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Tuesday, 2 May 2017


The Bern Coffey debacle is mind-boggling. But it leaves two important facts exposed.

First, Ball approved the untenable arrangement with Coffey permitting him to continue his law practice. It is one thing to allow for a winding-up period, quite another for the Clerk of the Executive Council to be moonlighting - in a court of law where he would be obligated to argue against his employer.  

Second, just as the Government was taking some initiative to hold Nalcor to account, the brutally incompetent Crown Corporation has, again, been let off the hook as far as the MF Oversight Committee is concerned.

With Coffey’s intervention, the Committee had finally gotten two capable members. Likely, the appearance of three ‘naysayers’ on the Muskrat file was causing some people to sweat. Likely, Coffey was outed but he and Ball ought never to have afforded Nalcor - or the Opposition - that opportunity.

Now, the former Deputy Minister of Natural Resources under Dunderdale - who played messenger for Ed Martin, sending Nalcor's requisitions to Cabinet - is head of the Oversight Committee. Ball confirms, again, he is gutless.

Coffey has resigned. The truth is Ball should, too. He has demonstrated, time and again, he is not up to the job of Premier.

Bern Coffey was supposed to bring some order to the constant chaos which Ball divined. Instead, he has wound up adding to it.

Coffey can’t be excused for failing to understand that the Health Care Corporation and Nalcor are government – not some third party commercial interests. Any legal distinction afforded under the corporations act or having contrived administrative procedures to give the appearance of a Chinese wall, to which Coffey alluded, is nothing less than a fiction.

Coffey’s credentials are well-known. The timing of his appointment, following a disastrous run of decision-making by the Premier, offered hope he might help bring some sobriety to a government in perpetual political crisis.

A highly successful Crown Prosecutor, Counsel to the Cameron Inquiry on testing errors at Eastern Health, and private practitioner, Coffey’s credentials included – as a member of the 2041 Group – opposition to the Liberal Party’s endorsement of the Muskrat Falls project.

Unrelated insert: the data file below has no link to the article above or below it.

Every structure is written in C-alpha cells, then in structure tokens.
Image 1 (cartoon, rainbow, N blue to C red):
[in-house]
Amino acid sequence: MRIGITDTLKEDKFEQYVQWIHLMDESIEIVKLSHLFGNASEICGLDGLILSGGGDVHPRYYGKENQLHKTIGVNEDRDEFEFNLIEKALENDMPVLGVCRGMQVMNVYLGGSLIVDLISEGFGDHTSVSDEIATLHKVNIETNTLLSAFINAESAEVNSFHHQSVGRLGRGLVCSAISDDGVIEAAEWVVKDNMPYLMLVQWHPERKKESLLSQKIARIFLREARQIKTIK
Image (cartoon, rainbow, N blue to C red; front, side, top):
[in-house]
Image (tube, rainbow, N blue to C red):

Indeed, Coffey loudly advised Nalcor CEO Ed Martin not to pursue the Muskrat Falls project without first obtaining judicial review of the Water Management Agreement. 

Nalcor’s subsequent loss in the Quebec Superior Court is testimony to Coffey’s legal and intellectual talents. It is confirmation that Nalcor intended to proceed with the project come hell or high water – which is sufficient proof that they need constant and uncompromising oversight - though a mass firing of the senior executive would be more beneficial.

Coffey should have known better. 

He should have known that both the Tories and the Liberals have done their best to degrade governance processes and administration. His job was to help put a stop to those practices.

He should have remembered from whence he came.

Partisan politics has a way of causing disqualification for senior public service roles.  In the tradition of the British civil service, partisans are mostly disqualified regardless of their personal achievements. Partisanship has corrosive influences. It affects objectivity and causes suspicion when the Government changes hands, leading to more firings and partisan hiring.

Coffey had run for and lost the Liberal leadership in 2011.

For that reason, his appointment was received with some disquiet, in part because Ball had already begun replacing some public service positions – including at the ADM level – with individuals having strong Liberal Party connections. The Liberals were behaving much as did the Tories.

Nevertheless, some, including this scribe, had concluded that Coffey might be the trusted confidante the Premier needed to find his backbone.   

That was wishful thinking. 

Coffey must have known that, as Clerk, he is a public policy coach charged with the effective operation of a large bureaucracy. He is also the government’s chief advisor.
The job does not allow spare time. There is no spare time for senior executives when the government is sane. There is even less time when it is irredeemably mired in dither, poor judgment, and financial crisis.

Neither can government afford divided loyalties. The Clerk of the Executive Council has no business contesting his employer on any level. The perception of conflict is simply unavoidable.

That Coffey is gone is necessary. But it is still unfortunate. Coffey would have seen first-hand the difficulty bringing Nalcor to heel – its record of deception, poor management, and his own inability, thus far, to countermand Nalcor’s unbridled arrogance and insouciance.

Now, Nalcor is back in charge. A chronically weak Premier presides. The Liberal Party gives him a vacant stare.

Public administration is, again, diminished.